Also not an excuse: that he didn’t mean it, it’s not central to the movie, he’s British and they don’t really have racism there (I have genuinely heard this). You don’t have to be racist on purpose to be racist! It’s like nobody’s even SEEN Get Out.

Talking of which, I will be sooooooo angry if this film beats Get Out to Best Picture. But don’t worry, it won’t. I won’t spoil you for the official predictions post (which I think is happening on Oscars weekend itself), but even if I thought Three Billboards would win I wouldn’t predict it, because I still believe in a world where good things happen to good people, and last year it totally worked, apart from the whole envelope thing.

Advent song for Christmas Eve: River

This had to be our final choice just for the video, although it is also a beautiful song. But there’s nearly nothing more Christmassy than Christmas Peanuts, and Snoopy is obviously the best character of all and Snoopy ice skating is just about the best thing there has ever been, and even though this is a poor-quality video it’s still lovely to watch. But not so lovely that you won’t also be struck by the purity of Joni’s voice or the simple perfection of the song and arrangement.

Before I leave you to your preparations I would like to note that this wasn’t, in the end, a list of songs by my favourite women singer-songwriters, because some of my favourite women singer-songwriters simply never went near a Christmas song, so with apologies for the lack of Nina Simone, Joans Baez and Armatrading, Billie Holiday, Janis Joplin, Dolly Parton, Barbra Streisand, Laura Nyro, Sheryl Crow, Amy Winehouse and Taylor Swift, I will be posting a playlist later today of all the songs we’ve had that are on Spotify, and maybe some extras just for fun. Merry Christmas! I have high hopes for 2018, you guys.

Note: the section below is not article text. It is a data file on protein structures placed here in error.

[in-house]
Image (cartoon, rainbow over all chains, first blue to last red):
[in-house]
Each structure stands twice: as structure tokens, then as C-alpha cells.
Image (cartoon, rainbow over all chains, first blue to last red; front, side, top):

Advent song for December 23: Joy To The World


Some singer-songwriters are celebrated for both skills, and others seem only to be known as singers. I can’t decide whether in the case of Aretha Franklin this is due to plain old discrimination, or whether it’s because her voice is so sensational that there isn’t time to appreciate her as a songwriter. But she is both (she wrote Think, which is also her actual best song), and an arranger to boot.

I have a burgeoning theory as to why women singer-songwriters in general, and women singer-songwriters of colour in particular, have written so few Christmas songs, but it’s not fully-formed yet so I’ll save it for another day. When you sing like this, though, you can sing anyone’s songs, even when they’re eighteenth-century hymns.

Advent song for December 22: [A version of] Fairytale of New York

So here’s the thing. This was on the list from the start, but although I love Kirsty (and she has an extra connection with Christmas in my mind, because my parents once spent Christmas morning with Peggy Seeger and Ewan MacColl, although I was too teenagedly grumpy to join them), I never used to love this song. I don’t know why: probably for the same reason I don’t much like Withnail And I and am ambivalent about seeing Hamilton next week, which is that when other people like something too much, it puts me right off.

Anyway, somehow over the years I got to like it a bit, maybe enough to not press “skip” when it came on, and since this year is about amazing singer-songwriters and Kirsty absolutely was one, it was an obvious pick for a late-December slot. And then a couple of days ago I saw these tweets from Justin Myers, aka The Guyliner:

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…and I thought, OH YEAH. You know when you realise something so blindingly obvious that you’re ashamed that it never occurred to you before? Well, THAT.